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Game time.

October offers a mixed bag offish both offshore and inshore along the Keys island chain. Redfish, snook and sheepshead can all be found patrolling the shallow waters of the backcountry, while wahoo, blackfin tuna and dolphin will be busting baits offshore. The weather will play an important factor as the first winter cold front usually arrives this month. Depending on its time of arrival and severity, it determines when the summer species leave and winter ones arrive in force, so keep this in mind when making your angling plans.

With water levels in the eastern portions of the backcountry still at seasonal highs, you'll find a wide variety of predators chasing bait on recently flooded flats. Areas east of Jim Foot, Roscoe, and Buoy Key have little tidal flow and provide a good starting point for your search. Numerous flats, both large and small, border many of the mangrovelined shorelines here and to the east as far as Long Sound, offering ample poling grounds for sight fishing fly or spinfishers. One favorite among the multitudes of prey pushing south are the finger mullet occupying the backcountry waters of Florida Bay. Redfish and snook will be prowling the flats, channels, and adjacent runoffs in hot pursuit of an easy mullet meal giving ready anglers near unlimited opportunities at these prized gamefish.

Experienced backcountry fly anglers who concentrate their efforts on sight fishing choose to rig up with a generic backcountry leader rather than something species specific. Too many opportunities can be squandered if you feel like you're not properly rigged to take the shot you get because your leader is too light or too heavy or not the right material for the fish in view.

Make your backcountry fly leader about 10 feet long. Use five feet of 40-pound mono for the butt section, taper with two feet of 30-pound. Then attach a class tippet of your choice at least 15 inches long. I normally use a couple feet of 15-pound mono. Follow with a 30-pound mono or fluorocarbon shock leader. It's chosen as an all-around bite leader capable of landing snookand small sharks but not heavy enough to put off cagey fish. Use an 8- or 9-weight floating line on your favorite rod with a lightly-weighted weedless fly to finish offthegetup.

Anglers using spin gear should try casting a tipped 1/8- to 1/4-ounce jig. Rig it on an 8- or 10-pound spinning outfit with a couple feet of 30-pound mono leader. Keep a lighter rig readily available for any sheepshead that may appear.

A 4- or 6-pound spinning rod with a foot or two of 12-pound fluorocarbon leader is more than adequate and gives even a reserved sheepshead an opportunity to give you a run for your money. Larger fish will battle you hard on the light gear.

Dolphin will still be around in reasonable numbers for trolling anglers. But, don't go far offshore early in the morning. Give reefline trolling a try. October can sometimes yield a nice showing of wahoo between the edge of the reef and the 50-fathom line. Trolling your standard wire dolphin rigs can produce, but wahoo specialists have other ideas.

Straight running lures with heavy heads seem to be the top rig. Bullet-shaped heads in chrome, purple or black-and-red lead the color ranking. Most troll these at very high speeds sometimes approaching 15 knots. At those speeds, very heavy tackle is a necessity just to keep the lure from pulling drag even without a fish attached. Since most Keys wahoo range from 10 to 40 pounds it seems like a bit of overkill.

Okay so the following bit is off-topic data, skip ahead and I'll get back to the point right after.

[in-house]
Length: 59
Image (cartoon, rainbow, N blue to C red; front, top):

A slightly different approach is favored by local wahoo connoisseurs; it involves bait, lures and a trolling speed of 6 to 9 knots. Here's how it works. Find your preferred 4to 8-ounce bullet shaped trolling lure, Ideally with the previously mentioned colors. Rig it with a single 9/0 hook on about six feet of No. 10 singlestrand wire, pin a large fresh ballyhoo on it and you're set to go.

Make sure the bait swims (not dragging in an unnatural way), pull it on a flatline, and use a release clip mounted low on the boat to lower the angle of the line to the water. It should run down just below the surface, occasionally coming to the top. Wahoo seem to love this setup and locals like the fact that you can easily troll it on rigs down to 20-pound class.

DIVING With the impending cold fronts signaling a change of seasons, shallow patches will become points of high activity as fish move inshore from deeper water. Grouper, mutton snapperand hogfish will all be found in greater numbers inshore as the water cools down. This will give even a novice diver shots at shooting quality fish.


By the end of the month the blackfin tuna should be available in fishable numbers at several Keys locales, including the Islamorada hump, Marathon Hump, and off the end of the Bar west off Key West. Try these footballs on small black-and-red feathers trolled far behind the boat. Another option is using high speed vertical jigs on either spin or conventional gear; this is a highly involved style of fishing that tends to keep the excitement up.

Twenty-pound tackle is just about right for these powerful tunas. While you can use a conventional, I have found that rigging spinners up gives you more flexibility to cast into busting fish while also keeping it simple for other less experienced anglers out on the trip.
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Author:Herum, Matt
Publication:Florida Sportsman
Date:Oct 1, 2015
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